The Real Lesson From Brexit
A Pro-Market blog post examines the lessons we learnt from Brexit. This post is a cross-post from the Promarket blog, the blog of the Stigler Center at the University of Chicago Booth School of Business.
A widespread mistrust of experts can lead to political decisions, like Brexit, that might have negative consequences for the very people who vote for them. How to fix it?
One of the most important–and least discussed–aspects of the vote for Brexit has been the failure of most pollsters and newspapers to predict and understand the reasons for Brexit. Even the betting market, generally much more reliable, got it wrong. This phenomenon is not unique to Brexit. Most pundits and pollsters missed the importance of Trump. Why?
What we have observed in Britain and what we are observing in the U.S. with Trump is a growing mistrust of voters toward experts. In the Brexit debate it was hard to find any economist justifying a departure from the European Union. In fact, many were willing to make forecasts so pessimistic as to be accused of scaremongering. Not only did these forecasts fail to rally the vote for Remain, they probably contributed to the victory of Leave.
In the Financial Times Chris Giles lamented this phenomenon as an example of voters’ irrationality. I fear this has nothing to do with irrationality, but has everything to do with mistrust; a mistrust that, while exaggerated, has a very rational basis: the disconnect between the intellectual elite and the population at large–the very disconnect that caused pollsters, betters, and journalists to miss the mounting Brexit wave.
This disconnect inverts the very positive trend that characterized the 20th century: a closer connection between intellectuals and the rest of the population. This trend started in the United States at the end of the 19th century. The increasing diffusion of literacy and of secondary education created the scope for a media market and an academic sector that were not just catering to a restricted elite, but were speaking to and for a broader set of the population.
In those years, Louis Brandeis spoke of the need not just for corporate lawyers, but also for people’s lawyers, and he certainly was one. In those years the muckraking magazines were exposing the fraud and corruption of the political and economic elites. In those years scientists, economists, and intellectuals in universities were more focused on enhancing the progress of humankind, than on defending the interests of powerful donors.
At the end of the 20th century and in the 21st this trend was not only interrupted, but inverted. Plummeting advertising revenues made newspapers much more dependent on economic powers. Large donations (or the prospects for such donations) made universities much more sensitive to the needs of a restricted elite.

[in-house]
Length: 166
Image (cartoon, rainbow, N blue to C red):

Today wealth concentration allows a few rich individuals to singlehandedly fund think tanks, which have increasingly become loudspeakers of vested interests, rather than centers of elaboration of public policy. Campaign financing and future lobbying jobs are increasingly transforming elected officers from representatives of the people to “butlers of industrial interests,” to use a famous muckraking expression.
The effects are there for all to see. Doctors are perceived to promote the medicines of the companies that sponsor their lunches, not necessarily the ones that are needed; scientists to minimize the effect of pollutants produced by companies that fund their labs; economists to defend the interests of banks that pay them hefty consulting fees. Even journalists, when they are not perceived to promote the interest of their advertisers and owners, are accused of turning a blind eye to their problems. How long, for example, did the papers, first in West Virginia and later at the national level, ignore the massive pollution of PFOA produced by DuPont?
Even when there is no financial incentive distorting experts’ views, there is a cultural affinity between the experts and the economic and political elites. A combination of legacy admissions and selection based on the quality of the high school (and thus the census) the students come from has created an increasingly homogenous academic population at top colleges, detached from the vast majority of the country. Scientists, journalists, and intellectuals all belong to the same world and so inevitably look at the world from the same perspective.
All these factors together lead to a mistrust toward experts. They lead to a presidential candidate who is proud not to rely on them and receives support for this reason. They lead to political decisions, like Brexit, that might have negative consequences for the very people who voted for it.
My ancestors in Sicily did not go to doctors because they mistrusted all experts: they thought they were all just trying to cheat them. They suffered the health consequences of this decision. Today the consequences would be much worse. In a world that is increasingly dependent on technical expertise to function, we cannot afford to mistrust most experts.
Fault does not lie with the people mistrusting us. We need to rebuild that trust. It is not sufficient that most doctors, intellectuals, and journalists do a very fine job. We should have transparency rules in place to ensure that they all free from conflict of interest. We should have admission rules that favor not just ethnic diversity, but also economic and social diversity. We should have campaign financing rules that free our representatives from the yoke of vested interests.
In sum, we need to create the conditions to undermine this mistrust of experts. This is the most important lesson from Brexit.
Luigi Zingales is the Robert C. McCormack Distinguished Service Professor of Entrepreneurship and Finance at The University of Chicago Booth School of Business and a guest contributor to the Oxford Business Law Blog.
YOU MAY ALSO BE INTERESTED IN